The second displacement mechanism 106 may use any of a variety of actuators to displace and cycle the registration members 104 a, 104 b. In the described embodiment, the second displacement mechanism 106 employs a pair of linear actuators 108 (see FIG. 4) disposed at each end of the respective one of the registration members 104 a, 104 b to ensure proper alignment of the collation 12, whether the collation 12 is processed at the first or second processing stations 16, 18.

Reconfigurable Stitcher for Binding Consecutive Variable Thickness Collations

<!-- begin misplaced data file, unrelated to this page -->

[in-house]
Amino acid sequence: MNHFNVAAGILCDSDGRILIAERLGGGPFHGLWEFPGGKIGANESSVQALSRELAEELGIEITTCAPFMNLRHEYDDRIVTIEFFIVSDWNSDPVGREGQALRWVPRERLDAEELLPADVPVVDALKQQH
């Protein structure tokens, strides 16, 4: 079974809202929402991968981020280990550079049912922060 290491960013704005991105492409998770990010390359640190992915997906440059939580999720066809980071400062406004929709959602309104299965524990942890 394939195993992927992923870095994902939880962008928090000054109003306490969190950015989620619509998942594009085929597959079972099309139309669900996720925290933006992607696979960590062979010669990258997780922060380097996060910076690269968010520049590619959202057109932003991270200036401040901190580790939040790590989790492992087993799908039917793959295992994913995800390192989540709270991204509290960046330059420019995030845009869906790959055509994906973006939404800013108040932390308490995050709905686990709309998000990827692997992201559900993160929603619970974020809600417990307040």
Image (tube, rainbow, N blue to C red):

As previously discussed, the thickness data/sheet count information 30 is used to control the stitching operation at the first processing station 16. The thickness data/sheet count 30 may be generated by any of a variety of modules/sensor of the mailpiece inserter 24 or stitcher/stapler 10 including: (1) scan code data 32 (see FIG. 3) printed on a sheet of the mailpiece content material, e.g., the first sheet of each collation 12, (ii) a sheet counter 34 in combination with sheet thickness data input by an operator, (iii) mail run data 36, i.e., obtained directly from the application software (mail run data file) used to produce the content material, or (iv) a thickness measurement device, e.g., a thickness probe 38.